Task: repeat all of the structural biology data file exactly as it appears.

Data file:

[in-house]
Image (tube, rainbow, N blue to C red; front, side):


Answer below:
[in-house]
Image (tube, rainbow, N blue to C red; front, side):